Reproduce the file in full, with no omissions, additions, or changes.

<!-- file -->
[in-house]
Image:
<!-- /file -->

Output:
[in-house]
Image: